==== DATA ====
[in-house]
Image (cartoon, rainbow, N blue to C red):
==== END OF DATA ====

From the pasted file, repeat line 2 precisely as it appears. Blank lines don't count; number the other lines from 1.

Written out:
Image (cartoon, rainbow, N blue to C red):